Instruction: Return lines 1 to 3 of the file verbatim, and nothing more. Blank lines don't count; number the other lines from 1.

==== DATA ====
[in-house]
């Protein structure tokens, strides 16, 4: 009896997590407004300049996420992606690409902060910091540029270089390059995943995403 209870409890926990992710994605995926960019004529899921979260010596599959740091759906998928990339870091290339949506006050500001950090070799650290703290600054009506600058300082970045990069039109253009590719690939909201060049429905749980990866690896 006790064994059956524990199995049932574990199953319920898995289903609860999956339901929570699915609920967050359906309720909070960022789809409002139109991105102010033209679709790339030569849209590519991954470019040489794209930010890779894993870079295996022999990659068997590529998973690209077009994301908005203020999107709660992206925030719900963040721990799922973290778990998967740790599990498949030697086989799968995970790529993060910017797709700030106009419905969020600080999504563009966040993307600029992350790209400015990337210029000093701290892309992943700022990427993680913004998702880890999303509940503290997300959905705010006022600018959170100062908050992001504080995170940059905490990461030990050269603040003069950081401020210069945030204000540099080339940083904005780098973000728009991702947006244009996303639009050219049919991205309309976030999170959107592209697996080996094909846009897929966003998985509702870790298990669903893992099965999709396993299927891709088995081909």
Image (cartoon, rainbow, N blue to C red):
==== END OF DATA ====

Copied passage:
[in-house]
């Protein structure tokens, strides 16, 4: 009896997590407004300049996420992606690409902060910091540029270089390059995943995403 209870409890926990992710994605995926960019004529899921979260010596599959740091759906998928990339870091290339949506006050500001950090070799650290703290600054009506600058300082970045990069039109253009590719690939909201060049429905749980990866690896 006790064994059956524990199995049932574990199953319920898995289903609860999956339901929570699915609920967050359906309720909070960022789809409002139109991105102010033209679709790339030569849209590519991954470019040489794209930010890779894993870079295996022999990659068997590529998973690209077009994301908005203020999107709660992206925030719900963040721990799922973290778990998967740790599990498949030697086989799968995970790529993060910017797709700030106009419905969020600080999504563009966040993307600029992350790209400015990337210029000093701290892309992943700022990427993680913004998702880890999303509940503290997300959905705010006022600018959170100062908050992001504080995170940059905490990461030990050269603040003069950081401020210069945030204000540099080339940083904005780098973000728009991702947006244009996303639009050219049919991205309309976030999170959107592209697996080996094909846009897929966003998985509702870790298990669903893992099965999709396993299927891709088995081909």
Image (cartoon, rainbow, N blue to C red):